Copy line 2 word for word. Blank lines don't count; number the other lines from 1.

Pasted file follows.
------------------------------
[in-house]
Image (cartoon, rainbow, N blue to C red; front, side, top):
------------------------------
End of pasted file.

Image (cartoon, rainbow, N blue to C red; front, side, top):